• Black Market Distributor of Diverted HIV Medications Worth Approximately $4 Million Arrested

    Author : White Collar Firm May 25, 2016

    Press Release: Black Market Distributor of Diverted HIV Medications Worth Approximately $4 Million Arrested

    https://www.justice.gov/usao-sdny/pr/manhattan-us-attorney-announces-arrest-black-market-distributor-diverted-hiv

    Who:

    Robin Deleonrosa, owner of a Bronx barbershop, the defendant

    What:

    U.S. Attorneys at the Southern District of New York, federal court, charged Deleonrosa with 1 count of conspiracy to commit health care fraud. This charge carries a maximum potential sentence of 10 years in prison.

    Where: Deleonrosa was charged in the Southern District of New York, and the crime allegedly happened in New York, mostly Bronx County. Deleonrosa lived in Bronx, New York.

    When: The crimes allegedly occurred between about September 2013 until April 2016. Deleonrosa was arrested on April 29, 2016.

    Why: Deleonrosa is charged with being part of a conspiracy to purchase HIV medications from health care benefit enrollees who had it disposed for them legally, and then repackaged and resold these medications to other illegal redistributors and pharmacies in an attempt to disguise that the medication was second-hand (“second-hand medication”). Many of these enrollees were Medicaid recipients. The methods used to deface and hide the original packaging were unsafe and the medications were stored in unsafe conditions, including in Deleonrosa’s Bronx apartment.  This practice essentially charged Medicaid twice for the same medicine.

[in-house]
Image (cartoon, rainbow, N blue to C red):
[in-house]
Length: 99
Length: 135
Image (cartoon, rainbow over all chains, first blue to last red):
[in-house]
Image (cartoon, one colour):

How: The illegal practice of diverting and trafficking HIV medications generally begins with a health care benefit enrollee (“patient”) who is dispensed HIV medication. Oten, these patients are Medicare recipients who receive these medications at no cost. These patients then sell the medications to third parties illegally. “Collectors” purchase the medications from these patients. Collectors generally sell these medications to “Aggregators,” who purchase large quantities of these second-hand medications from multiple Collectors. Either Collectors or Aggregators remove the labels from these bottles in an attempt to hide the patient’s names and the fact that the bottles have been previously dispensed. Often, they use hazardous chemicals like lighter fluid to accomplish this. With the removing of the label comes the removing of the expiration dates of each medication bottle, carrying additional health risks to patients ingesting these pills. These second-hand medications are then sold to pharmacies as new medication, which are then dispensed to unsuspecting consumers. A confidential informant (“CI”) revealed to authorities that he sold Deleonrosa HIV medication that he had been prescribed. He had also observed Deleonrosa obtaining more second-hand medications in his barbershop. This CI started participating in the sale of these medications for Deleonrosa. In one instance, he mailed the second-hand medications he sold to Deleonrosa along with additional medications Deleonrosa provided by FedEx. One of these deliveries was intercepted by FedEx security and confiscated because it was categorized as “jewelry,” but employees heard loose pills when the boxes were shaken. These packages were surrendered to federal law enforcement. Much of these packages still had labels on them. The CI met with Deleonrosa at the direction of law enforcement and discussed resuming distributing the second-hand medications for Deleonrosa, which Deleonrosa agreed to. What followed were conversations making plans for future deliveries of products and text messages sent between the CI and Deleonrosa regarding the different HIV medications Deleonrosa had and how much each would cost. Deleonrosa and the CI met, where Deleonrosa showed the CI a suitcase full of HIV medications, which the CI was to sell and provide a portion of the proceeds to Deleonrosa. This suitcase contained over $300,000 worth of HIV medications, and many still contained patient labels. The CI conducted 2 more of these operations, some of which was audio-recorded by the CI for law enforcement. A search of Deleonrosa’s residence on the day of his arrest resulted in the discovery of over 1,000 bottles of second-hand HIV medication with an estimated value of $1.8 million, lighter fluid and over $70,000 in cash.

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